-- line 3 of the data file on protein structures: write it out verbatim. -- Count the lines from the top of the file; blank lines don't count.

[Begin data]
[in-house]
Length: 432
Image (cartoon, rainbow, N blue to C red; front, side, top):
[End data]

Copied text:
Image (cartoon, rainbow, N blue to C red; front, side, top):